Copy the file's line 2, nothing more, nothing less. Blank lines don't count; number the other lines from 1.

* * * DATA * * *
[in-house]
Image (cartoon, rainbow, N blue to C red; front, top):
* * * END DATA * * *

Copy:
Image (cartoon, rainbow, N blue to C red; front, top):